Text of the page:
"I really put that in there for an audience of one. I wanted him to see that. I want him to know, that as much as we love him, as much as we support him, we also know who his backers are. And we'll be watching," Moore said. "And we'll wait and see whether or not he's going to do what's best for Wall Street, or for the people. I'm banking on the fact that he's gonna do what's best for the people."
Moore has attempted to bring the human impact of what he sees as a corrupt financial system to the attention of the country and government leaders. He considers himself a "surrogate" for the masses.
"I come from a working class, you know, I have a high school education," he said. "I'm fortunate to be able to do this, very fortunate, and I think people see me as their surrogate, I'm there fighting the fight in these films for them and I think they wish that they could walk into the chairman's office and have a word or two."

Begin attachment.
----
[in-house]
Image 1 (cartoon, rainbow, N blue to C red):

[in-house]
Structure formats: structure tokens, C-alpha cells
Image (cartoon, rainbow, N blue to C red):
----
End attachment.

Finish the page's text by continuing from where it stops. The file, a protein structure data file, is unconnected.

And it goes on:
A self-described "optimist," Moore believes that even the "villains" on Wall Street will be moved by ripple effects of their actions on the society as a whole.
"I believe that all people are good at their core, including the people that work at Goldman Sachs, that if they could see the results of their decisions, of what they have done, I think they would be affected by this," he said.